Adam Erusalimsky writes for the International Law Practicum of the New York State Bar Association on how to enforce a New York judgment in England in the digital age.
An extract of the article appears below:
“The most commonly designated jurisdictions to resolve disputes, arising out of or in connection to all manner of contracts, are either England and Wales or the State of New York. It is therefore unsurprising that these are the only two jurisdictions used as examples for the model form exclusive jurisdiction clauses suggested under the guidance set out in the 2018 ISDA Choice of Court and Governing Law Guide. This is to be anticipated, given both jurisdictions are renowned for the fairness and independence of their judges, the dominance of London and New York as finance hubs, and the ubiquity of the English language. But what happens when a creditor obtains a judgment from a court in New York against a debtor whose only assets amenable to enforcement are located in the jurisdiction of England and Wales? This article answers that question and also considers the latter jurisdiction’s ability to adapt to the challenges arising from an age when social media is rampant and cryptocurrency transactions may become so.”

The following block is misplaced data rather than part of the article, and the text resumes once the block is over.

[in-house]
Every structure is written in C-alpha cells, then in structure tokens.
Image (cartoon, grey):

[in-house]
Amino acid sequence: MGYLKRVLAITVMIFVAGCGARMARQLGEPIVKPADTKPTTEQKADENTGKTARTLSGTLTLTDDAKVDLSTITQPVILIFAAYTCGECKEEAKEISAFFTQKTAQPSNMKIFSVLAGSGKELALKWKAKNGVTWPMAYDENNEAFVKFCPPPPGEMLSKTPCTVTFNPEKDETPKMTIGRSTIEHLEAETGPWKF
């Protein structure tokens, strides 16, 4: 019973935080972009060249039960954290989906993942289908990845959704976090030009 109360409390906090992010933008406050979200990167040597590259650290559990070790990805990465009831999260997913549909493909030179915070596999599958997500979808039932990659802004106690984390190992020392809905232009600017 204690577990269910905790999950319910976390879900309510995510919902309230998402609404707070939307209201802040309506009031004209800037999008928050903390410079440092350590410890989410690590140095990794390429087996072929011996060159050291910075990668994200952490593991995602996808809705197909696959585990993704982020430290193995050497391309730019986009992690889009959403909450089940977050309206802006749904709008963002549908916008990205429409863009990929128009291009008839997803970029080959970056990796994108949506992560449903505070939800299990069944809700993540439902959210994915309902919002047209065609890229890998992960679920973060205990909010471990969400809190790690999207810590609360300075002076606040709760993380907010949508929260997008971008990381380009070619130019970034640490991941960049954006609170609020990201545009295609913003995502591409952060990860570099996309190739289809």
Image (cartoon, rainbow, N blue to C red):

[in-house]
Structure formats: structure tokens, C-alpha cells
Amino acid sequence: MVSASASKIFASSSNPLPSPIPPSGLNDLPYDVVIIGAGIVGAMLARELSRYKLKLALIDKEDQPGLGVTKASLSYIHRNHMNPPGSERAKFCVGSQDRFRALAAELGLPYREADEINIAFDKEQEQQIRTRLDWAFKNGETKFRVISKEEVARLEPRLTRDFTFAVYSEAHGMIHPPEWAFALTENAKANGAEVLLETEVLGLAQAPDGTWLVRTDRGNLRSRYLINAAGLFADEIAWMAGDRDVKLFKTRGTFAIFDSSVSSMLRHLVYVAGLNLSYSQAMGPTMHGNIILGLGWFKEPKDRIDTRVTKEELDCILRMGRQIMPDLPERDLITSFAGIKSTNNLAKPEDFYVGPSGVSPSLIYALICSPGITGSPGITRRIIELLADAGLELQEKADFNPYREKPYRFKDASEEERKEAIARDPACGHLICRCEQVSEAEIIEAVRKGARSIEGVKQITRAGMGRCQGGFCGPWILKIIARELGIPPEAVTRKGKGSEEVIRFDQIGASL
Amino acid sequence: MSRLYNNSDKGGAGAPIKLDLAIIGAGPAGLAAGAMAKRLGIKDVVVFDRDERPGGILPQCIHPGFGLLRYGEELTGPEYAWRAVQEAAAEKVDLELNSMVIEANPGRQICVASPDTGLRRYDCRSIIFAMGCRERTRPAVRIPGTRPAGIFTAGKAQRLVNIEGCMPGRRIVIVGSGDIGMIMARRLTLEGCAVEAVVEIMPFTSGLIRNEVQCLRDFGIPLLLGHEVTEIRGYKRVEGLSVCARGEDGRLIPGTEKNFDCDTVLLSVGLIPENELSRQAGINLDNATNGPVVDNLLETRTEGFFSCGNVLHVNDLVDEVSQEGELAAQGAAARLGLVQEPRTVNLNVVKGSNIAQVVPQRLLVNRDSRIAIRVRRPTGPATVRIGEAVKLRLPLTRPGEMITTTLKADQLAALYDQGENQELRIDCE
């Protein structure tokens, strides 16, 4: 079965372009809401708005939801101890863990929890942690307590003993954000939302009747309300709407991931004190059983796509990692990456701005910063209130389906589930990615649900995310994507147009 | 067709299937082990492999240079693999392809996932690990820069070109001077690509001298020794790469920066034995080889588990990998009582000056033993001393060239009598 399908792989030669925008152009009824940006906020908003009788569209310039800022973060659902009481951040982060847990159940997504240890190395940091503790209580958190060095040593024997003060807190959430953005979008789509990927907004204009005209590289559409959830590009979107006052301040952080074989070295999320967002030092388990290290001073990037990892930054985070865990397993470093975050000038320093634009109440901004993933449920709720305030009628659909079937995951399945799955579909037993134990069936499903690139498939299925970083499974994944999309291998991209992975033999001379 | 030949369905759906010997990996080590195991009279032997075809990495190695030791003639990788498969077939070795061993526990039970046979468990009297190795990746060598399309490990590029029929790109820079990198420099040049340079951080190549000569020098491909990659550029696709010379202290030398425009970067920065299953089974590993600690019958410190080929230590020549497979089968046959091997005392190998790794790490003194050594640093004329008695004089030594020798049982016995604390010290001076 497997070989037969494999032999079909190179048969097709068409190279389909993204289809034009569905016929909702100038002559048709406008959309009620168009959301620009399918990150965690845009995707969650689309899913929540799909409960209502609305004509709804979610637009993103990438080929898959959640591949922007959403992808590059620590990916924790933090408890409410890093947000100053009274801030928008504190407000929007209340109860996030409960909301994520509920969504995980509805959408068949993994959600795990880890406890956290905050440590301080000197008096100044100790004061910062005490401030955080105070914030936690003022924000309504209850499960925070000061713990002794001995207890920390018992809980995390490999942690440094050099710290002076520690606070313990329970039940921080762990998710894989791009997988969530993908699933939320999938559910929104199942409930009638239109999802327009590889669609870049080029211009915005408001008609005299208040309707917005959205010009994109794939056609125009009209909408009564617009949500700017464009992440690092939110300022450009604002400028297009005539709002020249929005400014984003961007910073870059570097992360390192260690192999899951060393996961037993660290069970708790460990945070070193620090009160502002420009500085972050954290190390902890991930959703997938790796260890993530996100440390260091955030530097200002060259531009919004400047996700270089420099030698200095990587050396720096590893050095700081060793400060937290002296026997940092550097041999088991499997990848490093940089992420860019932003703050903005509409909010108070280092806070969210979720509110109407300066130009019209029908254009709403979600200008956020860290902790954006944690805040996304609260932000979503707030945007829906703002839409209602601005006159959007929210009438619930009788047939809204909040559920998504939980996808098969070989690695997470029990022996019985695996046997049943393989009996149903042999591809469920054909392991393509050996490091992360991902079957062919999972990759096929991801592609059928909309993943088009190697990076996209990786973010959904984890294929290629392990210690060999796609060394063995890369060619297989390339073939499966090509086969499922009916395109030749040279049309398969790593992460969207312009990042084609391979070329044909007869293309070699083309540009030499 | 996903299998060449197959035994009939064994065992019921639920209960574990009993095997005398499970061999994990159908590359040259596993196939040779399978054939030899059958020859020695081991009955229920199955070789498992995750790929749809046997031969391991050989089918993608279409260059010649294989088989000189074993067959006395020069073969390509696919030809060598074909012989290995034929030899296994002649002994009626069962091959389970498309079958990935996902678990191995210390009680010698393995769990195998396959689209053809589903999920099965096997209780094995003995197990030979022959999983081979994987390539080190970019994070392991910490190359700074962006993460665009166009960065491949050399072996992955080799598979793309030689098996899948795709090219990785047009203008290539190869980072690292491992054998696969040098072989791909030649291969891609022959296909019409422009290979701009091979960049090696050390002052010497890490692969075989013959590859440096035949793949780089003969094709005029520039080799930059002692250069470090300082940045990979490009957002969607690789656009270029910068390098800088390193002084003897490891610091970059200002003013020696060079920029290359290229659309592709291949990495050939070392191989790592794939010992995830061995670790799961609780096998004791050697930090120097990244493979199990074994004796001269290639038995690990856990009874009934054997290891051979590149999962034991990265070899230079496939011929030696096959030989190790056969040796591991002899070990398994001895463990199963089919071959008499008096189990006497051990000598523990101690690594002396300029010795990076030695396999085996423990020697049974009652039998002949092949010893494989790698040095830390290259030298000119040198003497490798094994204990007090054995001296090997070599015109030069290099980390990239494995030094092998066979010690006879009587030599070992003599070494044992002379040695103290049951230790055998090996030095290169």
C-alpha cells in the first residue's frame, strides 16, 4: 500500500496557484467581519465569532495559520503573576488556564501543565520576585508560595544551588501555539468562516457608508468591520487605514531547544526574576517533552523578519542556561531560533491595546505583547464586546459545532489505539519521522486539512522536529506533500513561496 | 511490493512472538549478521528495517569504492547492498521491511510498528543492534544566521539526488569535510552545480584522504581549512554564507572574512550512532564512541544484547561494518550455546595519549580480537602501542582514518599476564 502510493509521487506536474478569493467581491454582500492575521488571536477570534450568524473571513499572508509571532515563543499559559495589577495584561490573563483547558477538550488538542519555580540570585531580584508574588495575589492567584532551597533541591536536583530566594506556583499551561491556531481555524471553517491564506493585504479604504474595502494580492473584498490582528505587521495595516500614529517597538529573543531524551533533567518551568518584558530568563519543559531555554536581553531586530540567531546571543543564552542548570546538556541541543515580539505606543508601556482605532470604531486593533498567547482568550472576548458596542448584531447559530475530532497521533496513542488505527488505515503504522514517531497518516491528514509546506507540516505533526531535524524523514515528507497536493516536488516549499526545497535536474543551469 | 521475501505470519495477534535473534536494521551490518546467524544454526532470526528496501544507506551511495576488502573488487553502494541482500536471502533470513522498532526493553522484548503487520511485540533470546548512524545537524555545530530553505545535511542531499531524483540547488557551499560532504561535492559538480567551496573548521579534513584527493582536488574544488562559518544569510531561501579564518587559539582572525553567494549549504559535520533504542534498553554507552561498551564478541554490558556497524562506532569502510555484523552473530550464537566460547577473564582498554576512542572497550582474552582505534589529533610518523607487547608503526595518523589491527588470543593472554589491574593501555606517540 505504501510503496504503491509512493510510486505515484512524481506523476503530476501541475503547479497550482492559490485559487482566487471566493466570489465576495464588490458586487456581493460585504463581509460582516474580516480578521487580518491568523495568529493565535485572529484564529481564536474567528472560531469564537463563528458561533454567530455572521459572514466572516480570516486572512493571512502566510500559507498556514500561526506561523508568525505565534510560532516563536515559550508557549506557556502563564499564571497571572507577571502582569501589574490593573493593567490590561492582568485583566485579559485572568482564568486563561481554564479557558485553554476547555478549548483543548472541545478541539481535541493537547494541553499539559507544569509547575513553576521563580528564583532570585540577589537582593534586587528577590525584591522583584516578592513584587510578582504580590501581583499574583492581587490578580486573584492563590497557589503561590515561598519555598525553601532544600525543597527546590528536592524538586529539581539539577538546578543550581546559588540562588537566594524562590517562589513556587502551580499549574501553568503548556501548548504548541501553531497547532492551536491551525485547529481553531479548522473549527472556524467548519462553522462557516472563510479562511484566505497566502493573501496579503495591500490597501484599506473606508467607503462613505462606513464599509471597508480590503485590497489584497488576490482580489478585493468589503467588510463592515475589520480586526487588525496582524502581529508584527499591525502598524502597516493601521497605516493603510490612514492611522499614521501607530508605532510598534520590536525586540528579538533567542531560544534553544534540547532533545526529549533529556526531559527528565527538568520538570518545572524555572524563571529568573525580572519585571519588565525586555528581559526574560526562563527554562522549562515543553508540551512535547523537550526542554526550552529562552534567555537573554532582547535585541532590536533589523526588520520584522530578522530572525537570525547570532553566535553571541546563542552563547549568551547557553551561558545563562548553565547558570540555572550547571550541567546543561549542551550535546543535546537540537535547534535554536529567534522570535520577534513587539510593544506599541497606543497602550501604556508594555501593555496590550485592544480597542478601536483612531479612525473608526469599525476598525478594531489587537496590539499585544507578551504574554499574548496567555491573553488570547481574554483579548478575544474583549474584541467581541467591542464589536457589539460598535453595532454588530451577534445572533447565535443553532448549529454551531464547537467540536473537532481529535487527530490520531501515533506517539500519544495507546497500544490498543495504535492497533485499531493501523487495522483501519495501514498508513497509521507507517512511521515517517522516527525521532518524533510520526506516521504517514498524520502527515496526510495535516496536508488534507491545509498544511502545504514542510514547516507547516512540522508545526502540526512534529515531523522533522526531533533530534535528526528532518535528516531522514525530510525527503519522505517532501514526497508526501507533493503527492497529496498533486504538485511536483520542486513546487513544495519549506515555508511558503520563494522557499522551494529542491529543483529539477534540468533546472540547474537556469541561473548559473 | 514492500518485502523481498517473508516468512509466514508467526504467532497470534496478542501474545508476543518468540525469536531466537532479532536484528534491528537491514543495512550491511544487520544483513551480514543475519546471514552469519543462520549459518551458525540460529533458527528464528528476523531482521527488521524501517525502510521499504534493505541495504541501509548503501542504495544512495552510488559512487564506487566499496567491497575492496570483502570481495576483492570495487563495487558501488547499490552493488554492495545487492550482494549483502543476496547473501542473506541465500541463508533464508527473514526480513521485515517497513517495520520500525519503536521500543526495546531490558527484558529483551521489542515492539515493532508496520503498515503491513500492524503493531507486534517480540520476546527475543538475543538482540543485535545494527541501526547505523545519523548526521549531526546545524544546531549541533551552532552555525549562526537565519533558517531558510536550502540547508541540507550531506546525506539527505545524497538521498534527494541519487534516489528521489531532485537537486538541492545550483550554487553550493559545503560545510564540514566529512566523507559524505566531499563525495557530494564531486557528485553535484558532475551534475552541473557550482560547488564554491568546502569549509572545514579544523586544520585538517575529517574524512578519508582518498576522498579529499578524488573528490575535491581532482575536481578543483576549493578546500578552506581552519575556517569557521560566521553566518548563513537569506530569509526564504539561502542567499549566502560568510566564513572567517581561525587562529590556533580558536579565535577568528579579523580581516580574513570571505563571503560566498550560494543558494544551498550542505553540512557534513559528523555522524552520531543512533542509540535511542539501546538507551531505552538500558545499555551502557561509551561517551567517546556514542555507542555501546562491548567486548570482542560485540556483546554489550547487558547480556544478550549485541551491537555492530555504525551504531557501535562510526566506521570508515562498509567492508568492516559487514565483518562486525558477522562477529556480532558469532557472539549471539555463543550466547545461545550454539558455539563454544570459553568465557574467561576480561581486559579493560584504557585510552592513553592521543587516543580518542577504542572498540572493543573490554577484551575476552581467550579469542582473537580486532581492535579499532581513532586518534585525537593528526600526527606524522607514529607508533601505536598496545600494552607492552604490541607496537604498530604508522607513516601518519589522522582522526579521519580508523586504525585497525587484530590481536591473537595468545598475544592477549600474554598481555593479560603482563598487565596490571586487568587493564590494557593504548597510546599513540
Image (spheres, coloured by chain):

To read the full article on the New York State Bar Association website, please click here.
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